The mix opens with Royal T’s brilliant ‘Orangeade VIP’, an escalation of shimmering electric synths and rattling claps, before diving into the more robust sound of D.O.K’s ‘East Coast’. It’s grime mixing in its essence as Elijah & Skilliam move between tunes quickly and intensely, plunging aggressively in and out of tracks as the mix progresses.
So much is on offer here; from Royal T’s remix of ‘It’s Wiley’ (a nod to the 8-bar sound of yesteryear) to the funkadelic melodies of Swindle and the menacing swagger of Faze Miyake’s 2011 anthem ‘Take Off’. Vocal tracks play their part too, of course, with Trim, P Money, Blacks and Wiley all featuring. This juxtaposition of styles coupled with the fast mixing suggests a lack of fluency, but continuity isn’t an issue here as the mix rumbles on effortlessly, each tune fitting together like cogs in a well-oiled machine – a true testament to the DJ’s skills.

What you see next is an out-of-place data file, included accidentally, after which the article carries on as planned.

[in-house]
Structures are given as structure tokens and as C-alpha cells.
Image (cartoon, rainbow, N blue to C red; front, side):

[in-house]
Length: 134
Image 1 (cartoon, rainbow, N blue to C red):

Some might complain that there aren’t enough vocal tracks featured on the CD, or that the old skool isn’t represented (despite the inclusion of the iconic ‘Ghetto Kyote’ instrumental). However, such grievances seem irrelevant when you look at what Elijah & Skilliam have achieved not just on this mix, or for their label, but what they have done for the grime scene on the whole, and if Rinse 17 is anything to go by, it’s a hell of a lot.
Words by Ashley Oglina
COP RINSE 17 NOW: